Barry composed so many excellent scores throughout the 1960s and 1970s (Born Free, The Lion in Winter, Deadfall, King Kong) as well as the themes to the television series Vendetta, The Persuaders!, and Orson Welles’ Great Mysteries. In the 1980s he was composing one beautiful theme after another, including the romantic classics Somewhere in Time and Out of Africa. His composing talent remained in high demand until his death at the age of 77 in 2011.
Throughout his career, John Barry earned six Academy Award nominations, four BAFTA awards, ten Golden Globe awards, and won four Grammy awards. These were well-deserved accolades for such an accomplished composer.
The Noteworthy Five
Goldfinger (1964) – This was the theme that set the bar for all James Bond films to follow. It was bold, brassy and extremely classy. The golden voice of Shirley Bassey increased its worth tenfold.
Born Free (1966) – The theme to Born Free is a lovely musical salute to freedom and the yearning wild animals have for their native habitats. It sounds beautiful whether it is performed strictly as an instrumental or sung by the English singer Matt Monro. Notice how the french horns majestically sound the “Born Free” notes as the Columbia logo appears on the screen just prior to the introduction of the melody.
The Lion in Winter (1968) – Like his score to Zulu, The Lion in Winter is very menacing and yet it captures the atmosphere of its medieval setting beautifully. Without the presence of Barry’s score, this film would be dreary indeed. The version linked here is an easy-listening adaptation by Percy Faith but Ferrante and Teicher also made an excellent cover on their album “Listen to the Movies”.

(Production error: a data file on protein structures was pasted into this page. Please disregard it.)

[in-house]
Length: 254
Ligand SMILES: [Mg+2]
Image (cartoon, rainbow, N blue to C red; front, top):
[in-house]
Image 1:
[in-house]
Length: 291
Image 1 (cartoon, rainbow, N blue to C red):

Out of Africa (1985) – This one is truly breathtaking. The main melody does not make its entrance until nearly a minute and a half into the theme yet that seems to matter very little since the orchestration is so lush and sweeping. Like Bernard Herrmann, Barry loved french horns and used them profusely.
Dances with Wolves (1990) – The John Dunbar theme to Dances with Wolves is one of those melodies that most everyone instantly recognizes, regardless of whether they have seen the film or not. The movie is set in the American West during the time of the Civil War and so John Barry implements motifs that evoke traditional American folk tunes, yet always remaining distinctly Barry in style.
- Zulu (1964)
- Goldfinger (1964)
- King Rat (1965)
- The Ipcress File (1965)
- Born Free (1966)
- Deadfall (1968)
- The Lion in Winter (1968)
- On Her Majesty’s Secret Service (1969)
- The Last Valley (1971)
- Mary, Queen of Scots (1971)
- Love Among the Ruins (1975)
- The Day of the Locust (1975)
- King Kong (1976)
- The Black Hole (1979)
- Somewhere in Time (1980)
- A View to a Kill (1985)
- Out of Africa (1985)
- Dances with Wolves (1990)
- Chaplin (1992)
What’s your favorite John Barry film score? Let us know in the comments!
Constance Metzinger runs the website Silver Scenes, “a blog for classic film lovers.” This article originally ran earlier this year and is being reprinted as today’s guest post.